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The Daily Wildcat

The Daily Wildcat


Largest freshman class sees improvements in several academic areas

Ernie Somoza
Ernie Somoza/ Arizona Daily Wildcat New Student convocation was held at the University of Arizona’s McKale Memorial Center. University faculty and President Ann Weaver Hart welcomed students before their first day of class.

As the largest freshman class in UA history, the class of 2016 is showing improvements in certain academic areas over classes of past years.

In a media advisory in Bear Down Gymnasium on Friday morning, Vice President for Student Affairs Melissa Vito and Kasey Urquidez, the associate vice president for Student Affairs and Enrollment Management and dean of undergraduate admissions, discussed the UA’s largest-ever freshman class, focusing mainly on academic preparedness and ethnic diversity.

The latest class to be admitted, which adds approximately 7,450 to a total campus enrollment of about 40,000, surpassed fall 2011’s freshman class by about 150 students. The new class’s grade point average saw a slight increase from 3.41 in 2011 to 3.44, as well as an increase in its average math and critical reading scores on SATs.

“To be able to grow in numbers and also to grow in quality really reflects the amazing work of the whole team in Enrollment Management,” Vito said.

Additionally, certain colleges saw increases in enrollment with the new class, specifically in the Colleges of Engineering, Medicine, Science and Agriculture and Life Sciences. Despite the growth in these areas, Vito said there wasn’t any concern about enrollment in arts and humanities departments.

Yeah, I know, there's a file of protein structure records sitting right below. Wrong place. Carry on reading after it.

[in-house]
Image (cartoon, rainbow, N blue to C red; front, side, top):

“We’ve got a big class, and we’ve still got a lot of students who are choosing a more liberal arts area,” she said. “The College of Letters, Arts and Sciences still tends to be our largest area for our incoming students. We want our students to be well-rounded, so our STEM students still … take some humanities courses and have an experience that goes beyond just engineering or just a major.”

The class also saw a growth in ethnic diversity, with 25 percent more Latino students enrolling over the last two years, as well as an increased number of international students, the majority of which are from China.

“That is really significant and important to us, as well,” Urquidez said, “as our students get to interact and learn from one another.”

Urquidez added that many international students are already proficient in English upon enrollment, but that the UA’s Center for English as a Second Language has served as a “pipeline,” allowing international students to start classes with a good understanding of the language beforehand.

Given the growth in freshman enrollment, initiatives have also been put in place to try to keep students working within Arizona after they graduate, according to Eileen McGarry, the director of Career Services. McGarry added her department does regular outreach to nearly 120 Arizona companies, and that 60 percent of all recruits looking for potential employees from the UA are from companies within the state. She added that these initiatives play a big part in maintaining a stable economy.

“When you have an educated workforce in a state, it elevates that state, its economic viability, everything,” McGarry said. “If people are investing in education, they want to see the outcome stay so that the economy is vibrant.”

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